Rated 2.0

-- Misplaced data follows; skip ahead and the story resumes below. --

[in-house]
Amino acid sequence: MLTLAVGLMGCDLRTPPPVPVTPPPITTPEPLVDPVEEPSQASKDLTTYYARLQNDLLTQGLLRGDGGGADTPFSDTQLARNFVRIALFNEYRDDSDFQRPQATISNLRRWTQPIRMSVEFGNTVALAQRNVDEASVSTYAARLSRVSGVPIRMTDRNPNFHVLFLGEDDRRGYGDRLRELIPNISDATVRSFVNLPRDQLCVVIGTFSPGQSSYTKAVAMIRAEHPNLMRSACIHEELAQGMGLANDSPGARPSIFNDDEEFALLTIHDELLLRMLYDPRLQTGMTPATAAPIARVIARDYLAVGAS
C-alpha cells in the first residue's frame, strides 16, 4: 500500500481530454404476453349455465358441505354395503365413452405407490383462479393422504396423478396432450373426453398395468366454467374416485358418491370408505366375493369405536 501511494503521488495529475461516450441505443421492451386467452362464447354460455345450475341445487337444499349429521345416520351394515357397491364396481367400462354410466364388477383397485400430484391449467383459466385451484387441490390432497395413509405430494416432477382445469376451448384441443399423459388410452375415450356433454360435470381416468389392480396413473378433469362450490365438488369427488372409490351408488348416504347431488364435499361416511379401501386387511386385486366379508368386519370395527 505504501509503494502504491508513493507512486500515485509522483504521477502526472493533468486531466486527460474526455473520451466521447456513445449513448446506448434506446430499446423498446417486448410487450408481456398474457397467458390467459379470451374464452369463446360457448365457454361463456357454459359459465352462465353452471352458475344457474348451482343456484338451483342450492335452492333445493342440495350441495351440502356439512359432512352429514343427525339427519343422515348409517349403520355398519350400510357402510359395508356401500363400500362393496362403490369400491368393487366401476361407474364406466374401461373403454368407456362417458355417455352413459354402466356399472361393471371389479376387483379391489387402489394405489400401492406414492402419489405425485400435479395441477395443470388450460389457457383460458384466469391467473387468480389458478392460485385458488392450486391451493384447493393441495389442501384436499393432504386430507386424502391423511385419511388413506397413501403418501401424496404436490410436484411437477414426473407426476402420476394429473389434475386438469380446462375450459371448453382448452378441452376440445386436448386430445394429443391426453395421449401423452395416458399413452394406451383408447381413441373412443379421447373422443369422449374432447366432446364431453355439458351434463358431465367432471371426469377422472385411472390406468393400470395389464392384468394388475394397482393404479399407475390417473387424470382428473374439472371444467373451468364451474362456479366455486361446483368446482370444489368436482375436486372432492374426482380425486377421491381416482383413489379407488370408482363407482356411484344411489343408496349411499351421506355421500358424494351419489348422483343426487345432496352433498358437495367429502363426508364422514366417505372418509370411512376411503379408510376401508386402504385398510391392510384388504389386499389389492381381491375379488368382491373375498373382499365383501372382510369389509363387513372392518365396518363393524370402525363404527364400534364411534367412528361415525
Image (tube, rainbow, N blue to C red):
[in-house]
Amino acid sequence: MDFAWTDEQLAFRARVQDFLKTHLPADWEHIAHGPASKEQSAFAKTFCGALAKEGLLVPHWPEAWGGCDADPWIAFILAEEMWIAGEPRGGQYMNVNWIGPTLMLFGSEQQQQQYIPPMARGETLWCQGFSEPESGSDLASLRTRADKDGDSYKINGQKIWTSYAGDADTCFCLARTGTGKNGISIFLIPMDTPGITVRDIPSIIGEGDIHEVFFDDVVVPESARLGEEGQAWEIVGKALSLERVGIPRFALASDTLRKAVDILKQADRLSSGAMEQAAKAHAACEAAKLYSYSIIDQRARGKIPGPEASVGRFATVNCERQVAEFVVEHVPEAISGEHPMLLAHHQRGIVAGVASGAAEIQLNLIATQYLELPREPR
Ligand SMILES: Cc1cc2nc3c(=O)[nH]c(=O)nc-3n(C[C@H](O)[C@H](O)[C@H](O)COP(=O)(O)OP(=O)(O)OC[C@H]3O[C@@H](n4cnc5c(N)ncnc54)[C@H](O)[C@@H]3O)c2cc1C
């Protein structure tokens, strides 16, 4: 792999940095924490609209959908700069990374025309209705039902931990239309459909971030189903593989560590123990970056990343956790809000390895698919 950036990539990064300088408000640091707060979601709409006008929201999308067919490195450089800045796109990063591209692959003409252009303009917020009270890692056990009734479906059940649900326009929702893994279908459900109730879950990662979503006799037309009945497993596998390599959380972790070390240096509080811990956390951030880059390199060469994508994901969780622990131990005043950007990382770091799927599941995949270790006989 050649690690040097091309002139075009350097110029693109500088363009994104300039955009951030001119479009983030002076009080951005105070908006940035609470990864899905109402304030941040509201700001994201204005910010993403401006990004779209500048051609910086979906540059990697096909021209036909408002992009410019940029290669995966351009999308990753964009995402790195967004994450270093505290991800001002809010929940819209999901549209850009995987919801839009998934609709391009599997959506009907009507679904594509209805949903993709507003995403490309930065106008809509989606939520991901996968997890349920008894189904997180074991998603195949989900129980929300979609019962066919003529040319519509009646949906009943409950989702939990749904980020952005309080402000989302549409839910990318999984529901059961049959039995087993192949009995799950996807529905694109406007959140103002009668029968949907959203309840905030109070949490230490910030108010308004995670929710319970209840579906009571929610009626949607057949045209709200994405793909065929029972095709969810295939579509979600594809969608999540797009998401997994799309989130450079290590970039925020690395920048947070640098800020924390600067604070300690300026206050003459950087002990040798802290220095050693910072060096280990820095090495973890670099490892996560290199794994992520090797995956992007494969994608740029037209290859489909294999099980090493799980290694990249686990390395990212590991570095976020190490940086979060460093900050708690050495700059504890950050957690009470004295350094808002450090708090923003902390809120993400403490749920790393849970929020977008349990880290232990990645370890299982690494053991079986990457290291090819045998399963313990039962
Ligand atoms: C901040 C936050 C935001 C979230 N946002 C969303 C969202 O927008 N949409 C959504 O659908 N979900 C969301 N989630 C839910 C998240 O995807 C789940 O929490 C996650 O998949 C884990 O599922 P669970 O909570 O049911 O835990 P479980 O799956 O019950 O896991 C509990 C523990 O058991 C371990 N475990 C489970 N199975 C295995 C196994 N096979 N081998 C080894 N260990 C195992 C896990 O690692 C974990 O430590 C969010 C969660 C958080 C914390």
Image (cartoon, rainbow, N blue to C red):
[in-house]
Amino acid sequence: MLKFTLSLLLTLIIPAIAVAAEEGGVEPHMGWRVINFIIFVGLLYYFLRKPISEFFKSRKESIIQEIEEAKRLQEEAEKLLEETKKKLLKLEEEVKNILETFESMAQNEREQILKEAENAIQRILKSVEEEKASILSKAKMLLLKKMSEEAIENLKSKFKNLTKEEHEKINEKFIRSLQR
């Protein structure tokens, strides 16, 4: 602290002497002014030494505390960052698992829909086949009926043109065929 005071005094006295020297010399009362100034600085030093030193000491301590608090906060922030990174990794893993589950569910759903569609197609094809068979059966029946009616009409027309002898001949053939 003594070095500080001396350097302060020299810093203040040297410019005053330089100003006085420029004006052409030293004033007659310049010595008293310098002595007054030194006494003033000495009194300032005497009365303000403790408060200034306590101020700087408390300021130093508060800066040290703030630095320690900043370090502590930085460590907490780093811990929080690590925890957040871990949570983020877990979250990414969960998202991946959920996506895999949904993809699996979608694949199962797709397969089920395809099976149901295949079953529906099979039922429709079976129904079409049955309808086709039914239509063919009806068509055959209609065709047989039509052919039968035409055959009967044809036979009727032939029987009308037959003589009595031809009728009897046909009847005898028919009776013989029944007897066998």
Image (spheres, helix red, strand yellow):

On the surface, Gracie is an odd little picture. Vaguely based on actress Elizabeth Shue’s own adolescent trauma of losing her brother in an auto accident and compensating by fighting to take his place on the varsity soccer team (set back in the ’70s when girls just didn’t do that, y’know?) with Shue also portraying her own mother, this is still pretty much your standard by-the-numbers empowerment fare. You’d figure Shue would put a little more creat-ivity into the piece, considering. On the other hand, it’s not intolerable, but does indulge in directorial laziness, lays heavy on the cliché and overrelience on the violins that suggest exactly what you’re supposed to feel at any given moment. It also doesn’t help that the film is a little too padded out for its own good, featuring too many training montages to creak it up to the 90-minute mark, when it could have been content to be a lean 85 minutes. More doesn’t always mean better. But for what it is, I suppose it’d make for a neat little father/daughter outing on Father’s Day, but I doubt it’ll last that long at the theater.